Thursday, February 27, 2014

The Difference between European and American Executive Power

In Democracy in America, Alexis de Tocqueville describes the main differences between the European and American Executive.  How do we, as a nation, match up to his descriptions today?  Here is an excerpt from his writings:

“The sovereignty of the United States is shared between* the Union and the States, whilst in France it is undivided and compact….In the United States the executive power is as limited and partial as the sovereignty of the Union in whose name it acts; in France it is as universal as the authority of the State.  The Americans have a federal and the French a national Government.”

“Sovereignty may be defined to be the right of making laws:  in France, the King really exercises a portion of the sovereign power, since the laws have no weight till he has given his assent to them; he is, moreover, the executor of all they ordain.  The President is also the executor of the laws, but he does not really co-operate in their formation, since the refusal of his assent does not annul them.  He is therefore to be considered as the agent of the sovereign power.”

Toqueville continues:

“But not only does the King of France exercise a portion of the sovereign power, he also contributes to the nomination of the legislature, which exercises the other portion.  He has the privilege of appointing the members of one chamber, and of dissolving the other at his pleasure; whereas the President of the United States has no share in the formation of the legislative body, and cannot dissolve any part of it.  The King has the same right of bringing forward measures as the Chambers’ a right which the President does not possess.  The King is represented in each assembly by his ministers, who explain his intentions, support his opinions, and maintain the principles of Government.  The President and his ministers are alike excluded from Congress; so that his influence and  his opinions can only penetrate indirectly into that great body.  The King of France is therefore on an equal footing with the legislature, which can no more act without him than he can without it.  The President exercises an authority inferior to, and depending upon, that of the legislature.”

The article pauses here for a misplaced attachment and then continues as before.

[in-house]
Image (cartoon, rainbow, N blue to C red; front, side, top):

Or does he?

*My emphasis added

Tuesday, February 18, 2014

The Price of Freedom

With America’s current stagnant economy, high cost of living, and an ongoing encroachment upon our liberties by a powerful government, Thomas Paine’s words ring true today more than ever.  In this excerpt from The Crisis – Number 1, Paine argues that the cost of freedom ought to be priceless:

“These are the times that try men’s souls.  The summer soldier and the sunshine patriot will, in this crisis, shrink from the service of his country; but he that stands it now, deserves the love and thanks of man and woman.  Tyranny, like hell, is not easily conquered; yet we have this consolation with us, that the harder conflict the more glorious the triumph.  What we obtain too cheap, we esteem too lightly:  ‘tis dearness only that gives every thing its value.  Heaven knows how to put a proper price upon its goods; and it would be strange indeed, if so celestial an article as freedom should not be highly rated.”

Wednesday, February 12, 2014

United States: A Free Republic?

In the Anti-Federalist Papers, we see a direct confrontation of The Federalist Papers.  Here is an excerpt from one dated 18 October, 1787 where “Brutus” discusses the role of a free republic:

“In a free republic, although all laws are derived from the consent of the people, yet the people do not declare their consent by themselves in person, but by representatives, chosen by them who are supposed to know the minds of their constituents, and to be possessed of integrity* to declare this mind.  In every free government, the people must give their assent to the laws by which they are governed.  This is the true criterion between a free government and an arbitrary one.”

*My emphasis added.

Wednesday, February 5, 2014

George Rogers Clark: The Trek to Fort Sackville

On February 5, 1779, Colonel George Rogers Clark led his troop of approximately 170 Kentucky militiamen (nicknamed "Longknives") through treacherous weather conditions from Kaskaskia to Vincennes in the Illinois Country to re-capture Fort Sackville from the British.  The fort was then under the command of British Colonel Henry "the hair-buyer" Hamilton.  Clark's monumental trek with his men in the middle of the winter echoes that of General George Washington's crossing the Delaware.  Often overshadowed by other great men of his time; his statement shall perhaps live forever in the American Spirit: 

"Great Things Have Been Affected By A Few Men Well Conducted."      

To learn more about George Rogers Clark visit:  - George Rogers Clark National Historical Park  - Locust Grove